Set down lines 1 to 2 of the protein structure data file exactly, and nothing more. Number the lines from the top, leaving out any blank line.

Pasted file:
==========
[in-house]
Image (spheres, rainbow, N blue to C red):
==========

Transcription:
[in-house]
Image (spheres, rainbow, N blue to C red):